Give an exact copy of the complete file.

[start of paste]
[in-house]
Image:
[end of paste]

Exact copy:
[in-house]
Image: